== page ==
In 2 Corinthians 11, Paul defends his ministry as an apostle by listing the ways that he has suffered as a minister of the gospel. Against his opponents, he says that he has been imprisoned, flogged, beaten, stoned, shipwrecked, hunted, and starved for the sake of his ministry. Paul’s list of suffering doesn’t stop at this point, however; instead, he adds one final form of suffering that may be surprising to us. Paul says: “Besides everything, I face the daily pressure of the concern for all the churches.”
What’s shocking is that Paul apparently envisions pastoring as a part of his sufferings for the gospel. Those who have pastored will understand this point intuitively: to pastor a church is to suffer.
Pastors experience depression at a much higher rate than does the general population; in fact, in 2010, Matthew Stanford, a psychologist at Baylor University, argued that as many as 25% of pastors experience depression. The depression is brought on by a variety of causes which are all connected to the nuts and bolts of daily life as the pastor of a local church. Due to the demands of ministry, 70% of pastors report that they seriously consider leaving the ministry. Finally, 54% of pastors say that they find their job overwhelming while 48% admit that ministry has more demands than they can handle.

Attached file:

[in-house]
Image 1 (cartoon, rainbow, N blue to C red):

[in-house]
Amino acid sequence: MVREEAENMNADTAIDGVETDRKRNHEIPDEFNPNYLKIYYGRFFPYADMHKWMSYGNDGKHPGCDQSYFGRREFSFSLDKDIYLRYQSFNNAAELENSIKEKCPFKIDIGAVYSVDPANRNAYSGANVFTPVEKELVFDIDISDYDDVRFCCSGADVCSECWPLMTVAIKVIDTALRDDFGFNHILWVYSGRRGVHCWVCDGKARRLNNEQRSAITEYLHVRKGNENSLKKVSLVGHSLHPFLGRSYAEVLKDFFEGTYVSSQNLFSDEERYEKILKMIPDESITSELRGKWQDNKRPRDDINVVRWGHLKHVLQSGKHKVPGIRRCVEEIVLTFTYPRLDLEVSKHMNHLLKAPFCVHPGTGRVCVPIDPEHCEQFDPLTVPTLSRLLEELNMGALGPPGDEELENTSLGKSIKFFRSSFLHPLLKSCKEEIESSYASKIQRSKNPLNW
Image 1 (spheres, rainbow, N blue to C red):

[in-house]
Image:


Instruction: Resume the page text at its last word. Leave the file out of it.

While those numbers are probably surprising, the picture isn’t as bleak as we might imagine. Ministry is tough, but ministers are no wimps. Like Paul, many ministers have suffered in ministry, and they have the scars to prove it. However, most Christians are familiar with pastors who have stood the test of time in the local church. Countless ministers would agree with Paul who finishes his discussion of suffering for ministry by saying: “For Christ’s sake, I delight in weaknesses, in insults, in hardships, in persecutions, in difficulties. For when I am weak, then I am strong.”
Notes & Sources
 2 Corinthians 11:28, NIV.